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Nearly every culture has its own form of dumpling, from Italian ravioli to Indian samosas, and the process to make—not to mention master—these delicacies takes a lot of time and even more skill. While it’s way easier to buy a package of frozen empanadas or gyoza, it’s way more fun (in our opinion, anyway) to make the dumplings yourself.
When it comes to Chinese dumplings, the variety of fillings, flavors, and folds are endless. To help us learn some of the basics in preparation for National Dumpling Day, we turned to local dumpling aficionado Dale Talde. At his restaurant Rice & Gold in New York City, Talde and his team serve riffs on classic combinations—think ruben potstickers and shrimp and bacon shu mai.
Here are Talde's tips and tricks for making Chinese-style dumplings at home:
“Especially if someone lacks the dexterity or feels like they’re not coordinated enough, wontons are the easiest dumpling to make and cook. Put meat in the center of a wrapper, fold up the sides to make it look like a pouch, then boil it until it floats.”
Since “it’s a two-part cooking method and there are multiple folds,” Talde considers potstickers to be an intermediate-level dumpling.
“The hardest dumpling of all is the xiao long bao, the soup dumpling. That’s advanced, advanced, advanced level.”
“You should model your dumpling-making off something that’s dope,” Talde sats. “Like, I love these pork-and-chive dumplings from this place. I want to make them. Now you have this basis.”
In other words, it’s okay to opt for already-seasoned filling. Talde recommends buying premade wrappers, too. “If you go into any butcher shop in a Chinatown, they’ll have seasoned pork for dumplings already minced up. You’ve just got to buy it.” As for the wrappers, Talde says, “When you’re on your twelth time on making dumplings, then think about making your own dough. But otherwise, no. That’s a lot of work.”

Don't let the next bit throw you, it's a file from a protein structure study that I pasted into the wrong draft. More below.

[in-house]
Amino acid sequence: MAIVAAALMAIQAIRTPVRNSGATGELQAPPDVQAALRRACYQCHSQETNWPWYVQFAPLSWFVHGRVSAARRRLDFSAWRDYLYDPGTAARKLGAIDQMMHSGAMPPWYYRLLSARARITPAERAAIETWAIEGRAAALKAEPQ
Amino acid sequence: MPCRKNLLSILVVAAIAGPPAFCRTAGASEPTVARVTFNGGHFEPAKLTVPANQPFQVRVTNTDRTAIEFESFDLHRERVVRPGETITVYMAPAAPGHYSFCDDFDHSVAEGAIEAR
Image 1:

According to Talde, one of the biggest failures in DIY dumplings is a disconnect between wrapper and filling. “The wrapper will dictate what type of dumpling you’re doing. If you have a thin wrapper, it’s meant to be steamed or boiled. If you have a thicker wrapper, it’s meant for a double cook, pan-fry, or deep fry. If you have the simple translucent skins, it’s usually a seafood-based protein because it cooks faster. All these things have to be thought about before you dive into dumplings.”
“The easiest mistake is over-filling dumplings. The balance has to be there. The texture has to be there. The number one thing about ratio is moisture content. If the filling is dry going in, it’s gonna be dryer coming out. Typically I like something that’s wetter inside—there has to be a certain amount of juiciness.”
Although Talde is of the mind that dumplings can be filled with pretty much anything, there’s one ingredient he avoids: braised meats. “There’s no texture and with dumplings, you want texture.”
“With dumplings, contrast is what you’re looking for. If it’s soft, there’s also a bounciness to it. If it’s steamed, then it’s also panfried on the bottom and it’s crunchy. The dipping sauce is salty but also a little bit sweet and definitely has sour to balance the rich fattiness of the inside. I want something that’s different in each bite.”
“Dexterity is not easy. It’s really hard. Just do it. Make a dumpling, boil, and eat it. And then see what it tastes like. Then see what your seasoning needs.”
“A lot of hands make little work,” Talde says. “Get some friends over, open up a bottle of wine, make two or three pounds of filling, get 150 wrappers. Everybody can make a couple dumplings, have a glass of wine, talk, and laugh.”